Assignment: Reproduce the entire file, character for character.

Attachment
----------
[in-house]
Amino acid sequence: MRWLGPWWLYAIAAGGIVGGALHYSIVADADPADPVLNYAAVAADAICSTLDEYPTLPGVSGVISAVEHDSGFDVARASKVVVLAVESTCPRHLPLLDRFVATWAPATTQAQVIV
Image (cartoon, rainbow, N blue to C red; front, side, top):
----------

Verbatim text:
[in-house]
Amino acid sequence: MRWLGPWWLYAIAAGGIVGGALHYSIVADADPADPVLNYAAVAADAICSTLDEYPTLPGVSGVISAVEHDSGFDVARASKVVVLAVESTCPRHLPLLDRFVATWAPATTQAQVIV
Image (cartoon, rainbow, N blue to C red; front, side, top):